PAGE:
The Pros and Cons of Bariatric Surgery

The Pros and Cons of Bariatric Surgery

Before deciding to undergo any sort of medical procedure, it’s important to weigh the risks and benefits carefully with the aid of a licensed physician. Bariatric, or weight loss surgery, is no exception. Any elective surgery comes with its own pros and cons. weigh to determine need for bariatric surgeryAlthough weight loss surgery has the potential to change your life for the better, serious complications are always a possibility. Obesity-related health conditions are often reduced after losing weight, but surgery may not be the right step. Weigh your options before deciding that bariatric surgery is right for you.

The benefits:

  • Less than 2 percent of patients suffer from complications as a result of bariatric procedures.
  • Patients suffering from obesity-related disorders often see improvements within a three year span, if not sooner.
  • Improvements in cardiovascular conditions such as hypertension, high cholesterol and diabetes are related to weight loss.
  • In the case of hypertension in particular, patients can see vast improvements within 2-3 months after surgery.
  • Stress incontinence also responds dramatically to surgery.
  • Weight-related aches and pains can also be resolved through bariatric surgery.
  • Breathing disorders such as asthma and sleep apnea generally improve.
  • Over 90 percent of patients with Type II Diabetes see positive results, sometimes with the disorder going into remission. Borderline diabetics are even more likely to see a reversal in their symptoms.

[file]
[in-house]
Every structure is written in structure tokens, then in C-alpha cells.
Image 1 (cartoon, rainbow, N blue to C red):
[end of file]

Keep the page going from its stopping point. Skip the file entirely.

The risks:

  • As with any surgery, the risk of bleeding is a factor, especially as the area of operation with bariatric surgery is close to the spleen, which is particularly fragile and prone to bleeding.
  • Patients with existing heart or lung conditions, or who are severely demobilized, are at greater risk of heart attack or lung failure during or after surgery.
  • Complications during surgery can result in prolonged hospital stays and more surgeries.
  • Patients who have a history of blood clots can be more prone to heart attack, pulmonary embolism, stroke or deep vein thrombosis (DVT) during surgery.
  • Infections can occur, affecting the initial wound or abdominal cavity. Abdominal infection in particular is quite serious. This can also result in prolonged hospital stays or additional operations.
  • Also, as with any surgery, death is a possibility. However, the percentage of patients who don’t survive surgery is at about 1 percent, with the most common causes being infection and pulmonary embolism resulting from blood clotting.

Before electing to have bariatric surgery, talk to your doctor or specialist about your condition. As an alternative to surgery, many obesity-related diseases can be controlled with medication. If you suffer from hypertension, diabetes, high blood pressure or even mobility issues, consider a proactive way to manage your health conditions.